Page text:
“Dealer” means a person engaged in the business of selling firearms at wholesale or retail who has, or is required to have, a federal firearms license under 18 USC 923(a). A person who does not have, and is not required to have, a federal firearms license under 18 USC 923(a), is not a dealer if that person makes only occasional sales, exchanges, or purchases of firearms for the enhancement of a personal collection or for a hobby, or sells all or part of his or her personal collection of firearms, in a private transaction not through a gun show or event.
They are, at least, clarifying that people who make personal sales in private transactions are not dealers… for now.
SB 5344, “AN ACT Relating to possession of firearms on the state capitol campus; reenacting and amending RCW 9.41.300; and prescribing penalties.”
Not a big change, just adding the legislative building at the state capitol to the list of restricted areas in Washington:
It is unlawful for any person to enter the state legislative building on the state capitol campus when he or she knowingly possesses or knowingly has under his or her control a firearm…
Doesn't matter if you have your state-issued CCW, of course. They don't like us. Of course, this only tells us that our state legislators are weenies, since this will not prevent criminals and cronies from bringing their guns onto the capitol. They don't like licensed private citizens from having guns near them.
Last, but certainly not least. SB 5475, “AN ACT Relating to the assault weapons ban of 2005; amending RCW 9.41.010 and 9.94A.515; reenacting and amending RCW 9.94A.515; adding a new section to chapter 9.41 RCW; prescribing penalties; providing an effective date; providing an expiration date; and declaring an emergency.”
Sounds ominous. So, what do they think an assault weapon is?
"Assault weapon" means: (a) Any semiautomatic pistol or semiautomatic or pump-action rifle or shotgun that is capable of accepting a detachable magazine, with a capacity to accept more then ten rounds of ammunition and that also possesses any of the following: If the firearm is a rifle or shotgun, a pistol grip located rear of the trigger; If the firearm is a rifle or shotgun, a stock in any configuration, including but not limited to a thumbhole stock, a folding stock or a telescoping stock, that allows the bearer of the firearm to grasp the firearm with the trigger hand such that the web of the trigger hand, between the thumb and forefinger, can be placed below the top of the external portion of the trigger during firing; If the firearm is a pistol, a shoulder stock of any type or configuration, including but not limited to a folding stock or a telescoping stock; A barrel shroud; A muzzle brake or muzzle compensator; Any feature capable of functioning as a protruding grip that can be held by the hand that is not the trigger hand;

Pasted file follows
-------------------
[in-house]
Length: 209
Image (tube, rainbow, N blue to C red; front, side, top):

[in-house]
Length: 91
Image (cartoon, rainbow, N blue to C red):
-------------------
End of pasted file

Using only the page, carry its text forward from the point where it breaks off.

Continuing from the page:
(b) Any pistol that is capable of accepting a detachable magazine at any location outside of the pistol grip;
(c) Any semiautomatic pistol, any semiautomatic, center-fire rifle, or any shotgun with a fixed magazine that has the capacity to accept more than ten rounds of ammunition;
(d) Any shotgun capable of accepting a detachable magazine;
(e) Any shotgun with a revolving cylinder;
(f) Any conversion kit or other combination of parts from which an assault weapon can be assembled if the parts are in the possession or under the control of any person.
Quite a laundry list of cosmetic or convenient features. For some reason cylinders on shotguns are scary, even though there are many ways to have a large amount of ammunition in shotgun magazines.
It's crap of course. However, this is a grandfather clause:
Subsection (1) of this section shall not apply to any of the following:… The possession of an assault weapon that was legally possessed on the effective date of this section, but only if the person legally possessing the assault weapon has complied with all of the requirements of subsection (5) of this section;
Now that's especially ominous. What does section five say?
In order to continue to possess an assault weapon that was legally possessed on the effective date of this section, the person possessing the assault weapon shall do all of the following:(a) Within ninety days following the effective date of this section, submit to a background check identical to the background check conducted in connection with the purchase of a firearm from a licensed gun dealer; (b) Unless the person is prohibited by law from possessing a firearm, immediately register the assault weapon with the sheriff of the county in which the weapon is usually stored; (c) Safely and securely store the assault weapon. The sheriff of the county may, no more than once per year, conduct an inspection to ensure compliance with this subsection; (d) Annually renew both the registration and the background check; (e) Possess the assault weapon only on property owned or immediately controlled by the person, or while engaged in the legal use of the assault weapon at a duly licensed firing range, or while traveling to or from either of these locations for the purpose of engaging in the legal use of the assault weapon, provided that the assault weapon is stored unloaded and in a separate locked container during transport.
I can pass a background check. I've done it a hundred times. However, I'm not really happy about giving the sheriff a free fishing expedition on my property every year. I'm not happy about registering my firearms.
As I mentioned before. This lame duck governor may do whatever possible to make this pass. We shall have to be vigilant.
Update: Some have asked about the “State of Emergency” for the Assault Weapons bill. The main piece of information from the bill is this: